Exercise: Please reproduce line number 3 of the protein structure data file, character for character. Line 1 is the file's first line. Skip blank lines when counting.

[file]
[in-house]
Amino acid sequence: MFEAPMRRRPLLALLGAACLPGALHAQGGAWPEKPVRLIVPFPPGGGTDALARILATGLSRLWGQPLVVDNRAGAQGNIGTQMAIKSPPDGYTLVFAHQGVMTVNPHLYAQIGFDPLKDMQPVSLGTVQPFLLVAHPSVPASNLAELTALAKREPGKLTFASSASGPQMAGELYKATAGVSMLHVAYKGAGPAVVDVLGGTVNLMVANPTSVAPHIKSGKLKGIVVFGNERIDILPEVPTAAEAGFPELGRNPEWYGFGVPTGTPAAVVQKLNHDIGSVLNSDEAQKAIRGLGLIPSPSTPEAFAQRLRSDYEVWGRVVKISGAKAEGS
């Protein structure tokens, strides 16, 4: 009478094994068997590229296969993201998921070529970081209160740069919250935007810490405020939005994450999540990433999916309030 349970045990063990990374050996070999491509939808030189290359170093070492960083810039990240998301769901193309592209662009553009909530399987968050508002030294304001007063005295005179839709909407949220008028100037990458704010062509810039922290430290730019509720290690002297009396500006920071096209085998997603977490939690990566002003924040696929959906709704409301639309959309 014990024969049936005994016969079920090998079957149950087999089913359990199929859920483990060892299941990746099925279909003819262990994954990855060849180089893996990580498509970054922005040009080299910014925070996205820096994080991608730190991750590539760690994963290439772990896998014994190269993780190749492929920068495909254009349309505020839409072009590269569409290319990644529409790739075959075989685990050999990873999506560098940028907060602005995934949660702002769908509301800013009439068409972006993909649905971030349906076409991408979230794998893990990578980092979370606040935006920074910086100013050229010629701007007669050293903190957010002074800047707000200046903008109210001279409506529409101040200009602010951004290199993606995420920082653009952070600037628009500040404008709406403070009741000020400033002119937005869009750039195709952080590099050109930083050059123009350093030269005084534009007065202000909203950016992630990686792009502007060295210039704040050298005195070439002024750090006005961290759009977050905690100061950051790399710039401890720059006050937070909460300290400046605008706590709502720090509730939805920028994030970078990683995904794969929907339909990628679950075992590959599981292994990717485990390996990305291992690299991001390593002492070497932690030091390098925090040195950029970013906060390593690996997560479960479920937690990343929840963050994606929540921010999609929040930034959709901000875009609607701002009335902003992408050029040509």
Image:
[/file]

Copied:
């Protein structure tokens, strides 16, 4: 009478094994068997590229296969993201998921070529970081209160740069919250935007810490405020939005994450999540990433999916309030 349970045990063990990374050996070999491509939808030189290359170093070492960083810039990240998301769901193309592209662009553009909530399987968050508002030294304001007063005295005179839709909407949220008028100037990458704010062509810039922290430290730019509720290690002297009396500006920071096209085998997603977490939690990566002003924040696929959906709704409301639309959309 014990024969049936005994016969079920090998079957149950087999089913359990199929859920483990060892299941990746099925279909003819262990994954990855060849180089893996990580498509970054922005040009080299910014925070996205820096994080991608730190991750590539760690994963290439772990896998014994190269993780190749492929920068495909254009349309505020839409072009590269569409290319990644529409790739075959075989685990050999990873999506560098940028907060602005995934949660702002769908509301800013009439068409972006993909649905971030349906076409991408979230794998893990990578980092979370606040935006920074910086100013050229010629701007007669050293903190957010002074800047707000200046903008109210001279409506529409101040200009602010951004290199993606995420920082653009952070600037628009500040404008709406403070009741000020400033002119937005869009750039195709952080590099050109930083050059123009350093030269005084534009007065202000909203950016992630990686792009502007060295210039704040050298005195070439002024750090006005961290759009977050905690100061950051790399710039401890720059006050937070909460300290400046605008706590709502720090509730939805920028994030970078990683995904794969929907339909990628679950075992590959599981292994990717485990390996990305291992690299991001390593002492070497932690030091390098925090040195950029970013906060390593690996997560479960479920937690990343929840963050994606929540921010999609929040930034959709901000875009609607701002009335902003992408050029040509």